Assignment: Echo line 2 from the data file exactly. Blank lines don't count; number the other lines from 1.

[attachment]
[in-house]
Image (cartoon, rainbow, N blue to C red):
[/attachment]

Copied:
Image (cartoon, rainbow, N blue to C red):